Dear readers, If someone asked me to explain what college is like, I’d use two words: exhaustive & rewarding. It’s been quite the week, and with everything else going on, It’s hard to find time to relax and write a little bit. Luckily, I found time, and with the help from a bit of music, I think I can manage a decent story.
Que the death metal!
So, people watching on a college campus; what’s it like? There’s too many words to really describe it. Profound, the excessive number of people willing to learn as well as offer their knowledge, but the students and teachers aren’t the only elements that make it interesting; the material we’re learning is golden. You know how some would say “knowledge is power?”
They were right.
It’s sounds like a clique, but I do feel a bit more knowledgeable. After two sixteen hour work days, who wouldn’t? Although a tension headache runs rampant through my mind from the sheer amount of information intake—Note to self: ‘Information Overload can be a sign that one needs a study break.’—the reward is high.
But, I’m not here to sell you ideas. We are here to talk about observations of others in our social milieu; we’re here to watch people in silence, make quiet (almost non-existent) judgement, and sneak back to our dark little corner of the room to write to the whole world about it. It’s like the old riddle goes:
“What can travel around the world and never leave a corner?”
The answer I was always given was a postage stamp, but a writer could probably do just as much damage. Getting into college was easy, and it shows on the many, still pimple-ridden faces of the younger teens, recently capped, gowned, and made to feel special in an important ceremony. In my opinion, it, like most odd things you must submit yourself to at one point or another in your life, has an underlying money-making scheme.
Alas, the young’s(speaking mentally rather than physically) never cease to surprise me; one young gentleman asked me during a professor’s lecture, “Bruh, think he’ll get mad if I dip out early?” A young member our society said this. I wanted to respond in quite a few ways, but I didn’t. Seriously though, you knew you were going to be here. You scheduled for this class; you asked for it.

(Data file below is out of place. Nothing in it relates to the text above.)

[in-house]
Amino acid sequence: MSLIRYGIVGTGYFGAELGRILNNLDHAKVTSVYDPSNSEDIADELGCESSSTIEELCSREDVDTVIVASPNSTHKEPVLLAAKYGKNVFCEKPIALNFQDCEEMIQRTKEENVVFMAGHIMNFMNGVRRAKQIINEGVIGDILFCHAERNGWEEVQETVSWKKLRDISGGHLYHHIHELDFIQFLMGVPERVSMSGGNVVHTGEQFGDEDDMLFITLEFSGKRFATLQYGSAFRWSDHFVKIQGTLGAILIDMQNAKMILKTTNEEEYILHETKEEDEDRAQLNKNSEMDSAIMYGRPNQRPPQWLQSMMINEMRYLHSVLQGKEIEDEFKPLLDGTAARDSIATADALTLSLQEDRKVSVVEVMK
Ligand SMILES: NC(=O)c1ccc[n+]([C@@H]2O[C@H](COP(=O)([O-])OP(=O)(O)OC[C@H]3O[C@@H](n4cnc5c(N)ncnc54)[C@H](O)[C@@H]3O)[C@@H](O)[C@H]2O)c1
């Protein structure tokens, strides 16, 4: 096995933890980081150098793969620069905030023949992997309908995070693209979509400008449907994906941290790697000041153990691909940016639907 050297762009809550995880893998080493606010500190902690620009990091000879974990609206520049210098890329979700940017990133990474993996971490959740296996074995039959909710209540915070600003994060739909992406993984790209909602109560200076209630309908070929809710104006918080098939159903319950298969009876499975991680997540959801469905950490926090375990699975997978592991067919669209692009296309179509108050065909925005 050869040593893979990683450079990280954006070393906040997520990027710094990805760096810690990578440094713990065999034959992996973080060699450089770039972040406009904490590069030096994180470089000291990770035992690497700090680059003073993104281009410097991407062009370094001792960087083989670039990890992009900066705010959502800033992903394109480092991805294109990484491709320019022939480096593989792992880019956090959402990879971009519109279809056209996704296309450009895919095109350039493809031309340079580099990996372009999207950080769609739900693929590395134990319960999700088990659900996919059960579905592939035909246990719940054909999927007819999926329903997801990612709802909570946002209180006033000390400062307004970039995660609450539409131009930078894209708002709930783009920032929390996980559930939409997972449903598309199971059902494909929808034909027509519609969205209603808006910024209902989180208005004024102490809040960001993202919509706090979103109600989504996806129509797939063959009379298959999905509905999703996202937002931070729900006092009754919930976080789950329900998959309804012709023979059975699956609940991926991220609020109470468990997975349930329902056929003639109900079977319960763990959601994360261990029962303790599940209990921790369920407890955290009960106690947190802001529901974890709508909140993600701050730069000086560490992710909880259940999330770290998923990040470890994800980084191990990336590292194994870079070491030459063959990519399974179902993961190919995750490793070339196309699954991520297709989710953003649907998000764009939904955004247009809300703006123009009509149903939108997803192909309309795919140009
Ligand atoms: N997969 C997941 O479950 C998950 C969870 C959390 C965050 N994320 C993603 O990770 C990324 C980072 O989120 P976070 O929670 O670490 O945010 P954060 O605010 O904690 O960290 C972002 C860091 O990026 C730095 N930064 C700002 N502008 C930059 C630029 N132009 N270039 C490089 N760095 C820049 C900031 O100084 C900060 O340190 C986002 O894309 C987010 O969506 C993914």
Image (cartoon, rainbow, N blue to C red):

I just shrugged my shoulders.
“Your guess is as good as mine,” I said, pretending not to care in the slightest, but seriously, you knew you were going to be here. What’s more important to you that what you’re paying thousands of dollars for has to come second? I won’t rag on this individual too much because he’s not the only one, but the excuses that most would hear on such an occasion was that their dog had gotten hit by car or that they had a family member stranded somewhere. Albeit, both awful situations, but do you really think it warrants dipping the last I don’t know… fifteen minutes of class?
There are troves of people that I’ve seen in the one week I’ve been going to college that just look disinterested. Granted, the work is hard and not everyone is majoring in a subject where you’re writing your ass off anyway, but If you paid two grand for a car, wouldn’t you expect it to take you places?
Apart from the onslaught of new information, nothing really ‘new’ happened this week.
But now that I have my schedule in order, my advisors reached out to, and a new work schedule down, I feel like I can make some headway on what I want this blog to really be. I’m slowly carving it out as the weeks go on. Any suggestions will be taken into heavy consideration.
Also, if you’d like to sign up for the Quarterstories mailing list, there’s a input section on the right-hand side. You’ll only receive what I post each week. If you, as the reader, have any suggestions, contact me using the contact page and I’ll see what we can do to make it happen.
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Until then, dear reader.
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